April 16, 2014

Tag Archives: Sid Ganis

Coppola and Godard to Receive Academy’s Governors Awards

HollywoodNews.com: The Board of Governors of the Academy of Motion Picture Arts and Sciences voted last night to present the Irving G. Thalberg Memorial Award to producer-director Francis Ford Coppola and Honorary Awards to historian and preservationist Kevin Brownlow, director Jean-Luc Godard and actor Eli Wallach. All four awards will be presented at the Academy’s 2nd Annual Governors Awards dinner on Saturday, November 13, at the Grand Ballroom at Hollywood & Highland Center®.
“Each of these honorees has touched movie audiences worldwide and influenced the motion picture industry through their work,” said Academy President Tom Sherak. “It will be an honor to celebrate their extraordinary achievements and contributions at the Governors Awards.”
Brownlow is widely regarded as the preeminent historian of the silent film era as well as a preservationist. Among his many silent film restoration projects are Abel Gance’s 1927 epic “Napoleon,” Rex Ingram’s “The Four Horsemen of the Apocalypse” (1921) and “The Thief of Bagdad” (1924), starring Douglas Fairbanks. Brownlow has authored, among others, The Parade’s Gone By; The War, the West, and the Wilderness; Hollywood: The Pioneers; Behind the Mask of Innocence; David Lean; and Mary Pickford Rediscovered. His documentaries include “Hollywood,” “Unknown Chaplin,” “Buster Keaton: A Hard Act to Follow,” “Harold Lloyd: The Third Genius” and “D.W. Griffith: Father of Film,” all with David Gill; Brownlow also directed “Cecil B. DeMille: American Epic” and “Garbo,” the latter with Christopher Bird.
Coppola began his film career in the early 1960s making low-budget films with 2009 Honorary Award recipient Roger Corman. By the end of the 1970s he had won five Oscars®: Best Picture (“The Godfather Part II”); Directing (“The Godfather Part II”) and Writing (“Patton,” “The Godfather,” “The Godfather Part II”). Among his numerous producing credits are “American Graffiti, “Gardens of Stone,” “Bram Stoker’s Dracula,” “Mary Shelley’s Frankenstein,” “Jack” and “Tetro.” In 1969 he established American Zoetrope, an independent film studio that helped launch the careers of George Lucas and Carroll Ballard, and has since produced more than 30 films, including “The Black Stallion,” “The Outsiders,” “Lost in Translation” and “The Good Shepherd.”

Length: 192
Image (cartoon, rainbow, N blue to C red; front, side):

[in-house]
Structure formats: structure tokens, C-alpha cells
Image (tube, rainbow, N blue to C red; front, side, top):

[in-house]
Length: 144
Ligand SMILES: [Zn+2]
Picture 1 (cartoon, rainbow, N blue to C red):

A key figure in the French New Wave movement, Godard started out writing about cinema before beginning to make his own short films. His influential first feature, “Breathless” (1960), impressed audiences and filmmakers alike with its jazzy take on the American crime film. For fifty years, Godard has continued to write and direct challenging, and sometimes controversial, films [...]

Tom Sherak Re-elected Academy President

Hollywoodnews.com: Tom Sherak was re-elected president of the Academy of Motion Picture Arts and Sciences tonight (8/3) by the organization’s Board of Governors. This will be his second consecutive one-year term in the office.
Sherak is beginning his eighth year as a governor representing the Executives Branch. He had previously also served as treasurer for the Academy.
In addition, Public Relations Branch governor and past Academy president Sid Ganis was elected first vice president; Writers Branch governor James L. Brooks was elected to one vice president post and Phil Robinson, also from the Writers Branch, was re-elected to a vice president post; Producers Branch governor Hawk Koch was re-elected treasurer; and Actors Branch governor Annette Bening was elected secretary.
These will be the first officer stints for Brooks and Bening.
Sherak, a marketing, distribution and production executive with more than four decades of experience in the motion picture industry, is currently a consultant for Marvel Studios and Relativity Media.